There is a passenger train in Alaska called the Hurricane Turn. Rather than making scheduled station stops, it operates as flag-stop train meaning passengers in remote areas can simply wave a white cloth anywhere along its route and the train will stop to pick them up. It's one of the last true flag-stop trains in the United States.
2. Driving licenses issued in Arizona are good until the age of 60. Starting at the age of 65, drivers must renew it every 5 years, with an accompanied vision test each time.
3. The falling dominoes scene in 'V for Vendetta' involved 22,000 dominoes that were assembled by 4 professional domino assemblers for the two-day shoot.
4. The original Bohemian Rhapsody video took only 4 hours for them to film. The band arrived at the studio at 7.30 in the morning and by 11.30 they were finished and were relaxing in a local pub. The entire thing cost them just $2025.
5. There is a Japanese sweet snack called “English toast”, which is neither English nor toast. It consists of two slices of white bread, covered with a layer of margarine, sprinkled with sugar and put together.
Latest FactRepublic Video:
Room of Forgotten Souls
American singer Tom Petty was so popular that his record label wanted to charge $1 more for his 1981 album “Hard Promises” than the standard $8.98, but they backed down after he considered naming the album “$8.98.”
7. Marshmallows were originally made from from the mallow plant, which grows in marshes.
8. After Charlotte Corday was executed by guillotine, a man named Legros lifted her head and slapped it on the cheeks. An expression of “unequivocal indignation” then appeared on her face suggesting that victims of the guillotine may retain consciousness for a short while.
9. In 1998, some people paid full price for a movie ticket just to see the trailer for ‘Star Wars: The Phantom Menace’ and left without watching the movie they had actually paid for.
10. WWE’s ‘The Undertaker’ is terrified of cucumbers. Paul Bearer once watched him, “throw up all over a Waffle House because there was a cucumber floating in his iced tea.” Bearer used to prank him by placing cucumber slices in his hat and gloves.
Madagascar’s wildlife is so unique that over 90% of the species found there are endemic species that can’t be found anywhere else on Earth. It is speculated that the reason behind this phenomenon is that the island has remained isolated for 88 million years from other land masses.
12. Neither American singer John Denver, nor the writers of "Take Me Home, Country Road", had ever been to West Virginia. The road that inspired the song is actually in Maryland, and the landmarks mentioned in the lyrics more aptly describe the western region of Virginia.
13. Food Network's 'Chopped' was originally supposed to be set in a mansion with the host being a butler. The butler was also to be holding a Chihuahua and when a chef was chopped, the Chihuahua was supposed to be fed the dish made by the losing contestant.
14. For every pound/kilogram of weight that someone loses, 86% of it is breathed out of the body in the form of CO2. Human body literally exhales the majority of its weight loss.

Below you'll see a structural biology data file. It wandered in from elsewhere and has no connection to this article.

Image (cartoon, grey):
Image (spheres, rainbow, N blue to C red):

15. Before "A Hard Day's Night" was released in America, a United Artists executive requested to dub the voices of the Beatles with mid-Atlantic accents. McCartney angrily replied, "Look, if we can understand a f*cking cowboy talking Texan, they can understand us talking Liverpool."
Stan Lee had a contract awarding him 10% of the net profits of anything based on his characters. The first Spider-Man made more than $800 million in revenue, but the producers claimed it did not make any profit and Lee received nothing.
17. In 1917, you could order a belt-fed machine gun from a Sears catalog that said: "Machine guns are used largely by police organizations, home guards and municipalities in case of riots."
18. Evidence suggests that 'Brainstorming' is counter-productive, and produces fewer original ideas than when individuals work alone.
19. Japan's largest Yakuza group, the Yamaguchi-gumi, holds an annual Halloween party for neighborhood children in Kobe. "Not only were the decorations great and the gift bags full of tasty stuff, there were two big lines for cotton candy. And the gangsters were super nice."
20. A popular form of software debugging aptly named ‘rubber duck debugging’ exists. The name is in reference to the book “The Pragmatic Programmer”, where a programmer would debug code by explaining it, word by word, to his rubber duck.
Pronoia, the opposite of paranoia, is the delusion that everyone is secretly plotting your success.
22. There are certain rare train services running in United Kingdom that have been nicknamed ghost trains, which only see a couple of passengers every day. They only exist and serve because closing lines and stations is difficult and costly, so rail companies would rather run infrequent services than go through the cumbersome process.
23. English singer Robert Plant once donated $10,000 to KBOO, a non-profit community radio station in Portland Oregon, to never play "Stairway to Heaven" ever again.
24. A British ex-POW named Eric Lomax was captured in 1942 by Japanese forces. Many years after the war, he tracked down the Japanese man who had tortured him, and forgave him.
25. In 1985, a private party sold about 1.5 million Apple shares which caused the Apple stock to hit a 12-year low. This helped Steve Jobs in a proposal in which Apple ousted its CEO Gil Amelio and Jobs become his replacement. It was later revealed that it was Steve Jobs who sold the 1.5 million shares (valued at over $60 billion today).